For it’s turn of the year and All Souls’ night,
When the dead can hear and the dead have sight.

IV.
And now that they rise and walk in the cold,
Let us warm their blood and give youth to the old.
Let them see us and hear us, and say: “Ah, thus
In the prime of the year it went with us!”
Till their lips drawn close, and so long unkist,
Forget they are mist that mingles with mist!
For the year’s on the turn, and it’s All Souls’ night,
When the dead can burn and the dead can smite.

V.
Till they say, as they hear us — poor dead, poor dead! —
“Just an hour of this, and our age-long bed —
Just a thrill of the old remembered pains
To kindle a flame in our frozen veins,
Just a touch, and a sight, and a floating apart,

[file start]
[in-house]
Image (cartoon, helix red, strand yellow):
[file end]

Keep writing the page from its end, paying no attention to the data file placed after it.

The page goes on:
As the chill of dawn strikes each phantom heart —
For it’s turn of the year and All Souls’ night,
When the dead can hear, and the dead have sight.”

VI.
And where should the living feel alive
But here in this wan white humming hive,
As the moon wastes down, and the dawn turns cold,
And one by one they creep back to the fold?
And where should a man hold his mate and say:
“One more, one more, ere we go their way”?
For the year’s on the turn, and it’s All Souls’ night,
When the living can learn by the churchyard light.

VII.
And how should we break faith who have seen
Those dead lips plight with the mist between,
And how forget, who have seen how soon
They lie thus chambered and cold to the moon?
How scorn, how hate, how strive, we too,
Who must do so soon as those others do?
For it’s All Souls’ night, and break of the day,